Have you ever heard of Tantalus? If you have you may know that he was an ancient king who boiled his own son and served him to the gods at a banquet. Zeus and company were less than pleased at the grim offering. They repaired Tantalus' evil deed by bringing the boy back to life but the king was sent to Tartarus or, in less fancy terms, Hell as punishment. There he would spend Eternity among the loveliest fruit trees and a beautiful stream of crystal clear water. There was a catch, of course. Tantalus would never be able to reach the succulent red apples nor drink the fresh water. They would be there to be seen but not tasted. He had been sentenced to insatisfaction amid abundance and beautiful things that eluded him even though they seemed to be within his grasp.

As you may imagine, I did not get to hear about Tantalus in my lifetime. It was not until a few years after I became a vampire that I learned about him and then it all made sense: my life, my nature. I will explain why.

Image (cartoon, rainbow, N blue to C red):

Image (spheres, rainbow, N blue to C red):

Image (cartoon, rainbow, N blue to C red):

I suffered from chronic frustration, secretly hoping to leave home and embark on endless adventures abroad. I sometimes fancied myself pretty, believing other people's compliments, which may have been false. I also believed I had brains and imagination so I felt trapped in the uneventful, repressive village atmosphere I had been placed in by the hand of some cruel god who had bestowed upon me gifts I could not fully use in such a setting. Those delusions of mine were my downfall.

Unfulfilled ambition made me vulnerable, an easy prey to "celebrities". Yes, I might as well tell you now. I am closely linked to one of the biggest vampire celebrities of all time: Elizabeth Bathory, better known as The Blood Countess. I apologise if I interrupt my tale for a while just to ask you: Have you ever been let down by your idol once you had met him or her in person? I have. It is not that Elizabeth was precisely my idol, as I knew little of her but, having been born and bred a few miles from Čachtice, the village where her castle is still located, I was more than aware of her high rank and had heard that she was indescribably beautiful. That myth prevails to this day, even if the paintings have easily debunked it. People want to believe she was a gorgeous fallen angel and no visual proof will dissuade them of the contrary.